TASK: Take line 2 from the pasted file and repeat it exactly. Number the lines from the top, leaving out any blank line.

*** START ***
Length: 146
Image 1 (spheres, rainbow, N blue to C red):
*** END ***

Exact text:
Image 1 (spheres, rainbow, N blue to C red):